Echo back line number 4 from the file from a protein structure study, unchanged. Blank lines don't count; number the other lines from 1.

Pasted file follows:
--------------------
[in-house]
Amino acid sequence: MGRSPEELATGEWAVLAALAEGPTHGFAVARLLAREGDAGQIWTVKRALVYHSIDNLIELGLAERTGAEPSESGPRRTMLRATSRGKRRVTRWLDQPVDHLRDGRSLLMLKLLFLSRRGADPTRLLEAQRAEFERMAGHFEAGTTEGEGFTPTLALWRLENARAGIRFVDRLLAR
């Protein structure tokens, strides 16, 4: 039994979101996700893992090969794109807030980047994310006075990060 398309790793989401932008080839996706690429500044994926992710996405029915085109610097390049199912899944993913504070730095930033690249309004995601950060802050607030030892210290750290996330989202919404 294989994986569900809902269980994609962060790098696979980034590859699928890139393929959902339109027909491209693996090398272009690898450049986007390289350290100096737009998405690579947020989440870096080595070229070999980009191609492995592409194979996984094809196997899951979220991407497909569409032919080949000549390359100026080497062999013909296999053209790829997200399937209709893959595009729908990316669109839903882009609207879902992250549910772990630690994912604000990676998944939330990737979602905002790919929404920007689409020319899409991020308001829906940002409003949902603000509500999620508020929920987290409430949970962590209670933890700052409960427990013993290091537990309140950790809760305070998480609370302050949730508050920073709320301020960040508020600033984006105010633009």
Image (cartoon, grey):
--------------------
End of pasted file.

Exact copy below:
Image (cartoon, grey):